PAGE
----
Is it time to call the car industry recovered? In April, automakers sold vehicles at a rate that analysts say will only get better as dealers head into the spring selling season.
Sales numbers are being reported today from around the auto industry, and early on, some of the strongest numbers are coming from Chrysler. The automaker, in alliance with Fiat, says its sales were up 20 percent over a year ago, on the strength of new model lines.
April's strong numbers weren't quite as brisk as those in March, when automakers posted a seasonally adjusted annual rate (SAAR) of 14.4 million sales. Though still far off the all-time peak of 16.9 million units, the SAAR posted so far this year is approaching the 14.9 million units registered in 2008, the year the industry faced the full brunt of the financial crisis.
Sales are expected to continue to improve, according to analysts J.D. Power and Associates. April's numbers sometimes are misleading because of the long Easter holiday, says John Humphrey, Power's senior vice president of global automotive operations, but "the signs of sustained growth are evident."
Power estimates April 2012's SAAR at 13.8 million units, down slightly from March 2012's 14.4 million but up significantly from April 2011's SAAR of 13.2 million units--with an accompanying 8-percent increase in retail sales, Power notes in a release.
For the year, Power estimates the industry will post a SAAR of 14.3 million units, with 11.5 million of those being at the retail level.The totals for April 2012, as reported by the automakers:
General Motors: GM (NYSE: GM) says its April sales of 213,387 vehicles marked an 8-percent slide in the U.S. market, though retail sales were roughly equal to those in the period a year before. Chevrolet sales of 155,487 units were down 8.4 percent; GMC's 32,603 units sold marked an increase of 4.5 percent. Buick sold 15,446 vehicles for a 16.1-percent slide over April 2011, and Cadillac sales fell 25 percent from the year-ago period to 9,851 units.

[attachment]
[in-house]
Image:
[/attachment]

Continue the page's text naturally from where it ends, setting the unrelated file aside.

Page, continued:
Ford: Ford (NYSE: F) reports its sales of 180,350 vehicles in April were 5 percent lower than the same period in 2011. The Ford brand's total of 174,042 units accounted for a 4.7-percent drop from 182,542 sales a year ago; Lincoln's sales of 6,308 vehicles were off 12.8 percent from last April's 7,236 units.
Toyota / Lexus / Scion: Toyota says it sold a total of 178,044 vehicles last month, for a 25.5-percent increase over April of 2011--the month after the tragic earthquake in northern Japan. Of the total, some 160,493 units were sold as Toyotas, a 27.2-percent rise; Lexus sales were up 12.3 percent to 17,551 units; and Scion was up 8.4 percent at 5,503 units.
Chrysler: The sole domestic-branded automaker to report increased sales, Chrysler says it moved 141,165 vehicles in April, up 20 percent from April 2011. The Chrysler brand was up 56 percent at 31,879 vehicles sold, behind a 138-percent increase by the 300 sedan; Jeep rose 19 percent to 38,684 units with the Wrangler up 35 percent. Dodge rose just 2 percent to 45,248 units sold, while Ram trucks accounted for 21,505 sales, an increase of 12 percent. Fiat sold 3,849 500 hatchbacks on the month, with generous incentives helping the brand get much closer to its initial sales targets.
Honda / Acura: Honda sold a total of 122,012 vehicles in April, up 10 percent over its year-ago totals. The Honda brand accounted for 109,837 vehicles, up 9.2 percent; Acura was up 18 percent, to 12,175 units.
Nissan / Infiniti: Nissan says it sold 71,329 vehicles in April, off 0.3 percent from April of 2011. The Nissan brand was off 8.9 percent to 64,200 units, and sales of the electric Leaf were down sharply; Infiniti was up 5.4 percent to 7,129 vehicles sold.